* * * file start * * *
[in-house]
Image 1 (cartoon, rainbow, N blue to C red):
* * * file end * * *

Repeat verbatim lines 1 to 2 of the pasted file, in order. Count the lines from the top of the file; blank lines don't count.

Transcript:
[in-house]
Image 1 (cartoon, rainbow, N blue to C red):